A taste for sweets is acquired through exposure (just like a preference for spicy food) and thus can also be tamed, by gradually reducing how much sugar you ingest. I routinely cut the sugar in recipes, especially when I see that it is not needed for structure. For instance, a friend recently sent me an apple cake recipe cut from a magazine that called for a cup of sugar to 1.5 cups flour, plus only one egg and a stick of melted butter. It was leavened with baking soda, like a muffin recipe. Whoah! Why make an apple dessert and cloud it with that much sugar? Why not use the sugar for structure? I suggested he reduce the sugar to 1/2 cup, cream it with the soft butter, use 3 separated eggs (i.e. whip the egg whites for natural leavening), reduce the flour to 1 cup, and use baking powder instead of soda. This produced a more refined cake with better nutrition and flavor.
If you want to try reducing sugar in what you bake, look at similar recipes and see what the standard amount is in relation to the flour. You might notice that European recipes use less sugar. Often you can cut 20% and sometimes as much as 50% as in my example above. When the sugar is reduced, other flavors become more prominent.
Another way to reduce sugar calories is to substitute sugar alcohols such as erythritol and xylitol (a common sweetener in chewing gum because it does not cause tooth decay). Plant-derived sugar alcohols are much more expensive than sugar and they can cause bloating and diarrhea if consumed in excess, but they do not require insulin and thus do not spike your blood sugar. Their flavor is closer to sugar than the sweetening provided by stevia or monk fruit.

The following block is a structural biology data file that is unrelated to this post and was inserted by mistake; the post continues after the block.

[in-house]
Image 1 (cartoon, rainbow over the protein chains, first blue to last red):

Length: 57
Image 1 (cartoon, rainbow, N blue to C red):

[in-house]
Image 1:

These macaroons would be appropriate for folks trying to reduce their sugar calories or counting carbohydrates (each macaroon has about 3 grams of carbs, from the coconut and the erythritol). They taste chewy and rich, and to my taste much better than commercial or other homemade macaroons which contain so much sugar. Other recipes use sweetened coconut and then add even more sugar in the form of sweetened condensed milk. These macaroons are naturally gluten-free.
I like the contrast between the bitter chocolate and the sweet coconut, but the topping is optional. The recipe makes about 25.
6 egg whites
1/4 tsp. salt
1/2 to 3/4 cup powdered erythritol, depending on how sweet you like your sweets!
1/2 tsp. almond extract
1 tsp. vanilla extract
8 ounces unsweetened coconut flakes
1-2 ounces unsweetened chocolate
Beat the egg whites with salt until foamy, then add the erythritol and the extracts. Stir in the coconut flakes and let the mixture sit for 20-30 minutes to allow the coconut to be hydrated.
Preheat oven to 350 degrees.
Line a baking sheet with parchment. Use a small ice cream scoop (or teaspoon) to make mounds on parchment. Bake in preheated oven 15-18 minutes or until lightly brown. Let cool.
If desired, temper 1-2 ounces unsweetened chocolate (melt, stir, and bring temperature to 110 degrees, then cool to 80 degrees) before drizzling on the macaroons.